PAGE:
|Builder:||American Car and Foundry Co.|
|Original Owner:||Wabash Railroad|
|Type:||Baggage / RPO|
The crew car (sometimes referred to as a “tool car”) is a critical component for operating steam locomotives in the 21st century. When steam ruled the rails, the specialized equipment necessary to make a quick, minor repair could be found at every division point on the railroad. Today, these options no longer exist. Instead, steam operators must carry the necessary tools and equipment with them. Typically the crew car is positioned just behind the locomotive. Car 5012, named “Conneaut,” handles this important job for the Age of Steam Roundhouse Museum.
This car was built in 1925 for the Wabash Railroad as a combination coach and baggage car. Some years later, the passenger space was converted to a Railway Post Office. Mail was picked up by this car and transferred between railway stations. During the trip, postal clerks sorted mail to ensure it went to the proper destination. The car continued in this service, transferring to the Norfolk and Western Railway after the Wabash was merged into it in 1964.
In the 1960’s after its mail-carrying career was over, the car was acquired by the High Iron Company (HICO) and converted for use as a crew car. High Iron pioneered the operation of steam locomotives on excursion trains, and modified one end of the car with racks and a workbench to carry the numerous spare parts, tools, and other equipment needed to perform repairs away from the home shop. In the central section, showers, lockers, a washer and a small vanity was installed to give crew members some of the comforts of home. Finally, a small galley, washroom and sitting area were included to give the steam crew a spot to relax between runs. As HICO had rebuilt Nickel Plate Road 2-8-4 locomotive #759 in Conneaut, Ohio, the car was named after that location.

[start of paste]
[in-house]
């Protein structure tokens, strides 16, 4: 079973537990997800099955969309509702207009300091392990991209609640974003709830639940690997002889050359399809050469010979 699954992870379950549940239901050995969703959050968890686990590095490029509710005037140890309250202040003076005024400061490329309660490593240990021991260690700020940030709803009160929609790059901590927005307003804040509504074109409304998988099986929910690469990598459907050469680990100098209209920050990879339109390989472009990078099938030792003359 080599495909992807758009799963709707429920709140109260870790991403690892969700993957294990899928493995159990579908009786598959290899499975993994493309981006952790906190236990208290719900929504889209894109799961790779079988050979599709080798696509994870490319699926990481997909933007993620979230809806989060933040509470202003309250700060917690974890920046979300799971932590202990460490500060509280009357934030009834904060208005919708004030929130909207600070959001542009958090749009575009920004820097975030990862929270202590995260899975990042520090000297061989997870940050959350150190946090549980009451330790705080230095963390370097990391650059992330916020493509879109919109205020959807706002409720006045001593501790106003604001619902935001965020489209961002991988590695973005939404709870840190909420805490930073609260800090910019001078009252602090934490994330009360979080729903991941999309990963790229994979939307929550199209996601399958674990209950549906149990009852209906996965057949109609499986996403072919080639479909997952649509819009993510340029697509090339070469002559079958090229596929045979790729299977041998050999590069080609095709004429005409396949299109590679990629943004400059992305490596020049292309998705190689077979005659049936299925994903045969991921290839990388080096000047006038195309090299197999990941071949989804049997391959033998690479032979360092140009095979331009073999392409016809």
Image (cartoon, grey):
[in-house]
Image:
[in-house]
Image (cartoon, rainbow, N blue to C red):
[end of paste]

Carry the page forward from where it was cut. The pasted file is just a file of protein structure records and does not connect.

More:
Jerry Jacobson purchased the Conneaut in the late 1990’s, continuing to use it for support of his steam locomotives. Many Ohio Central steam excursions included the Conneaut, with steam crew members enjoying the view provided through the open baggage doors when they were not taking their turn operating the locomotive. The car was transferred into the Age of Steam fleet with Jerry’s collection of steam locomotives.
The Conneaut has supported excursions with many famous preserved steam locomotives, including: